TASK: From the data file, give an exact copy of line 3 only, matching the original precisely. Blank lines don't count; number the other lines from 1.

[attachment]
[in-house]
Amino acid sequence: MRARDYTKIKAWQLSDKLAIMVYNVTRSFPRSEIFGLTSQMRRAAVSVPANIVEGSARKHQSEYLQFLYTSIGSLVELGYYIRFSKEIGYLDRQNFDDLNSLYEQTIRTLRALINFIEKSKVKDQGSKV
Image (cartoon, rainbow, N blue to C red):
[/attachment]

Image (cartoon, rainbow, N blue to C red):